Police Scotland have never tasered a child

Although tasers have been drawn 22 times since 2016 in the presence of children (under 18), they have only been aimed 7 times and have never been discharged. https://www.scotland.police.uk/assets/pdf/434027/599268/599276/20-0236-response?view=Standard Data from England is not easily identified but the Children’s Rights Alliance for England estimated that tasers were fired on children around 25 times in 2013 alone: http://www.crae.org.uk/news/increase-in-use-of-tasers-on-children/ Continue readingPolice Scotland have never tasered a child

On Christmas Day we hear of how Tory England betrays its children but nothing of how SNP Scotland does not

Headlined in the Guardian on Christmas Day 2019: Thousands of children in care are increasingly being placed in homes that are illegal or unregulated, in what critics have labelled a national scandal, a Guardian investigation has found. A lack of places to house vulnerable children in the UK is prompting a surge in placements that are less safe. These include those that are unregulated or not registered with Ofsted. MPs, the police, charities and the children’s commissioner warn that children accommodated in these homes are at risk of exploitation from sexual predators and drug gangs. https://www.theguardian.com/society/2019/dec/25/revealed-thousands-children-care-unregulated-homes As always, the report conflates … Continue readingOn Christmas Day we hear of how Tory England betrays its children but nothing of how SNP Scotland does not

Brian Taylor goes for a comfort break just as SNP Government’s £1.4 billion help for families with young children is announced

Today at Holyrood (Friday 19th), Bill Kidd MSP asked the Scottish Government how it supports low-income families with young children. Aileen Campbell replied: The Scottish Government has taken significant steps to reduce poverty and tackle inequality, particularly where it affects families with young children. The Tackling Child Poverty Action Plan Report, published in June, showed that 48 of the 58 actions we have committed to are already in progress or being delivered. In 2018-19 we invested over £1.4 billion to provide a wide range of support including Free School Meals, School Clothing Grants and increased funding to tackle food insecurity … Continue readingBrian Taylor goes for a comfort break just as SNP Government’s £1.4 billion help for families with young children is announced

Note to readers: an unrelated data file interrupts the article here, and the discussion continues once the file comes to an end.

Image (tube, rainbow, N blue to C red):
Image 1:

Keeping homeless children in B&B or hostels is 95 times more common in Tory England than in Scotland

The Guardian article today does not, of course, present any Scottish breakdown but the Shelter research study from 2018 does: Click to access The_housing_crisis_generation_-_Homeless_children_in_Britain.pdf That more than 9 000 children were in B&B or hostels in England is shocking. The rate in Labour Wales, with half the population is also, pro rata, 5 times higher than in Scotland. The table above, also reveals that the total number of homeless children in Scotland is only slightly over half that, per capita, of England. All things being equal, at 11 times the population the English figure should be around 70 000 but … Continue readingKeeping homeless children in B&B or hostels is 95 times more common in Tory England than in Scotland

Cases of child cruelty and neglect TWICE as high across UK than in Scotland but it’s not reported

Headlining all day today on BBC Scotland, to boost your anxiety levels, and keep you reluctant to consider change of any kind, we heard: ‘Offences of child cruelty and neglect recorded by police in Scotland increased by 28% in the past year according to the NSPCC.’ There were 818 reports of child neglect or cruelty in 2018/2019, compared to 640 in the previous year. No explanation for the increase was offered though greater public awareness and pressure on families leading to higher reporting levels has been suggested elsewhere (below). We, of course, didn’t hear how these figures compare with those … Continue readingCases of child cruelty and neglect TWICE as high across UK than in Scotland but it’s not reported

Lib Dem draws our attention to glowing report on Children in Hospital in Scotland